Four superb ballets showing off the high standard of the dancers are presented. To the music of Verdi, George Balanchine’s Ballo Della Regina opens the show. It is his tribute to ballet scenes in opera and was created for ballerina Merrill Ashley, who staged it. It is gloriously danced by all, especially the leading couple of Vanessa Zahorian and Gonzalo Garcia. With snappy beaten jumps and smooth circular lines, it is a pleasure to view.
Helgi Tomasson, the Icelandic artistic director, showed off the men in his company with Concerto Grosso to music by Geminiani. The work for five male dancers, led by a carefree Pascal Molat, was a display of elegant vitality.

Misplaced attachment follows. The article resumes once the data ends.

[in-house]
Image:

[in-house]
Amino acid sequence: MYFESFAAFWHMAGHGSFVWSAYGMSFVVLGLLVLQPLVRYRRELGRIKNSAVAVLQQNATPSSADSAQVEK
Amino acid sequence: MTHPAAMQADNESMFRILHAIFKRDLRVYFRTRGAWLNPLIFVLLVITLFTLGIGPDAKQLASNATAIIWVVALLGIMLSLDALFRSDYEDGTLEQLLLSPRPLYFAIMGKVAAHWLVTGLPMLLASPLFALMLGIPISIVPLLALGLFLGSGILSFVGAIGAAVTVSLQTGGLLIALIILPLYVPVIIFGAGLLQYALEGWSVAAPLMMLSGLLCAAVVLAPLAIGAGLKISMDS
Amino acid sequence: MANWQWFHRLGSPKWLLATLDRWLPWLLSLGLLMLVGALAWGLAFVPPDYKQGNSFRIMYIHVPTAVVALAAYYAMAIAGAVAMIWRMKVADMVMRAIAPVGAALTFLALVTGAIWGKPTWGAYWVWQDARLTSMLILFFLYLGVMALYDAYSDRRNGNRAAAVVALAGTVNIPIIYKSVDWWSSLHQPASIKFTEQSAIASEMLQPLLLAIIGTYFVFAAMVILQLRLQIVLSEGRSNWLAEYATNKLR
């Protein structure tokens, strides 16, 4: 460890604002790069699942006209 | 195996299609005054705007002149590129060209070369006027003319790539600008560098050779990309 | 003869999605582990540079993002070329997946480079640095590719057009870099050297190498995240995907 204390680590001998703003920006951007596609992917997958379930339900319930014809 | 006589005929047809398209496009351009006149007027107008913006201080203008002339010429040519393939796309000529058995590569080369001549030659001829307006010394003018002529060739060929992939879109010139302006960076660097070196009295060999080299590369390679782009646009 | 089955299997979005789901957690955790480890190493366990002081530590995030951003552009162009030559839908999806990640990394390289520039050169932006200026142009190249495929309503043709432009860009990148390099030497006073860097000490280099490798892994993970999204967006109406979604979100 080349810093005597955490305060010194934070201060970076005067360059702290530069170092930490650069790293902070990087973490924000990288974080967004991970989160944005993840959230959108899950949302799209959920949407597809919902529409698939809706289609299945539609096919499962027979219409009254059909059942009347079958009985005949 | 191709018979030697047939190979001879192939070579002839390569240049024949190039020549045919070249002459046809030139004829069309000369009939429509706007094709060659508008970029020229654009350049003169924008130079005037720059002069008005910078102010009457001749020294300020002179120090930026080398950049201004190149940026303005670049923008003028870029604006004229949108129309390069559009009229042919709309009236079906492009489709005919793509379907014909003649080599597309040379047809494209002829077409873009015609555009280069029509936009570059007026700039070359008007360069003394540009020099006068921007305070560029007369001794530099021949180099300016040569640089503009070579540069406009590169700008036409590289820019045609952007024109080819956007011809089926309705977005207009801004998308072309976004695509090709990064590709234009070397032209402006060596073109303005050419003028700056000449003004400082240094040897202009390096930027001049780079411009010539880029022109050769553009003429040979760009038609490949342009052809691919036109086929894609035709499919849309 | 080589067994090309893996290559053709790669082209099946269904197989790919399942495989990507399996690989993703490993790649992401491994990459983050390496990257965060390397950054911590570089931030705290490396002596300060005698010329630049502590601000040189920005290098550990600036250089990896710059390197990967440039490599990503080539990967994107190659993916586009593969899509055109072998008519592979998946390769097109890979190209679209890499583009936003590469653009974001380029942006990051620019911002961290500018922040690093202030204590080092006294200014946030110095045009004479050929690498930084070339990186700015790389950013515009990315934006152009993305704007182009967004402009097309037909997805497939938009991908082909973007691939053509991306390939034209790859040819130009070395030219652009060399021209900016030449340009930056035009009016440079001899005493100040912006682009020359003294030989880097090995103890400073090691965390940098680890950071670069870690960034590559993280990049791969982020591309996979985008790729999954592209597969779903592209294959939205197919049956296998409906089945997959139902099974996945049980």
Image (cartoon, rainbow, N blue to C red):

Set to music by Scriabin, Study in Motion has been created this year by Yuri Possokhov, a principal dancer in the company. It is stark and speedy but is stylistically dated, with elements of old-fashioned east European choreography. A series of four duets intermingle with fine dancing, especially from Lorena Feijoo and Nicolas Blanc.
Balanchine’s The Four Temperaments, performed to the Hindemith score, dates back to 1946 but remains fresh and vital. Nicolas Blanc ably leads in the first variation Melancholic, Sarah Van Patten with Vadim Solomakha brightly lead Sanguinic, with a cool Yuri Possokhov leading Phlegmatic and Muriel Maffre a firecracker as Choleric.
In performing Balanchine, SFB do not have quite the refinement of the New York City company or quite the precision of some of our own Royal Ballet presentations but they are joyful and a delight to watch.